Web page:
Whitmire Bill Aims to Improve Prosecutor Accountability

Michael Morton, freed in 2011 after spending 25 years in prison for a murder he did not commit, takes the stand on Monday, Feb. 4, 2013, in the Georgetown Courthouse. Feb. 4, 2013.
Michael Morton, freed in 2011 after spending 25 years in prison for a murder he did not commit, takes the stand on Monday, Feb. 4, 2013, in the Georgetown Courthouse. Feb. 4, 2013.

Taking a lesson from the high-profile exoneration of Michael Morton, state Sen. John Whitmire, D-Houston, filed a bill Tuesday that aims to ensure more accountability for prosecutors who are accused of withholding evidence that results in a wrongful conviction.

"It's an effort to have accountability and transparency and to make the system more fair," Whitmire said, adding that he believes the measure will pass.

Senate Bill 825 would extend the statute of limitations for offenses involving evidence suppression by district attorneys. Under current law, the four-year statute of limitations begins ticking on such offenses when they occur. Whitmire's proposal would begin the clock on the statute of limitations at the time a wrongfully convicted defendant is released from prison. 

"That’s when have they have the best access to representation," Whitmire said, "versus when they're locked up for years upon years wrongfully." 

Polk County district attorney Lee Hon, president of the Texas District and County Attorneys Association, said most prosecutors would likely not oppose Whitmire's bill.

"Texas prosecutors are willing to discuss adjustments to the bar grievance statute of limitations where Brady violations are implicated," Hon wrote in an email. "We understand that given the nature of the non-disclosure, discovery of a Brady violation might sometimes be hard to find. At the same time, the reason that you have statutes of limitations for both criminal offenses and civil causes of action is that there comes a point in time when the ability of the person accused of the violation to defend the claim becomes significantly compromised due to the passage of time." 

Whitmire said the bill was inspired by the Morton case. Morton was convicted in 1987 of murdering his wife in their North Austin home and was sentenced to life in prison. He served nearly 25 years before DNA evidence led to his exoneration in 2011. In the investigation of his wrongful conviction, Morton's lawyers say they discovered that the prosecutor, Ken Anderson, who is now a state district judge in Williamson County, had withheld critical evidence. Anderson has denied allegations of wrongdoing.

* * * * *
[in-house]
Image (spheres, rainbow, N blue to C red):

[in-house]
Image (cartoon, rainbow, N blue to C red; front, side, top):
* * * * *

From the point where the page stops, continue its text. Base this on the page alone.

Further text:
The items that Morton's lawyers say were withheld include a transcript of a phone call in which Morton’s mother-in-law recounted to police a conversation with her 3-year-old grandson, who said he saw a “monster” beat his mother to death. He said his father was not at home at the time. Morton's lawyers also found reports from neighbors who told police that they saw a man in a green van parked near the Mortons' home several times before the crime. 

During a rare court of inquiry hearing this month, a judge heard evidence about Anderson's role in the wrongful conviction. The judge is set to decide this spring whether Anderson should face criminal charges. In emotional and indignant testimony, Anderson argued that he would have told Morton's lawyers about that information, but that he was not required to turn it over. Further, he argued that the statute of limitations for any such offenses has long expired. 

The State Bar of Texas has also filed a disciplinary case against Anderson, alleging that he deliberately withheld evidence and made false statements to the court during the trial that led to Morton’s wrongful conviction.

Anderson's lawyers said in court filings that the Texas State Bar’s claims that the former district attorney violated state ethics rules in the 1987 prosecution of Michael Morton are barred by the statute of limitations.

A lawyer for Anderson declined to comment for this story. A State Bar of Texas spokeswoman said she would provide comment after reviewing the proposal.

Morton, who was in the courtroom for the court of inquiry proceedings, said Whitmire's proposal was an important step to ensure that justice, though delayed, is served.

"As long as somebody is in prison as a result of fraudulent or illegal activity from an over-zealous prosecutor, they shouldn't have their ability to have their day in court taken from them," Morton said in a statement.

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